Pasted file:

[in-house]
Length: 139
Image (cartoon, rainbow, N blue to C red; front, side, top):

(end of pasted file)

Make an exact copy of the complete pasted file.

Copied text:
[in-house]
Length: 139
Image (cartoon, rainbow, N blue to C red; front, side, top):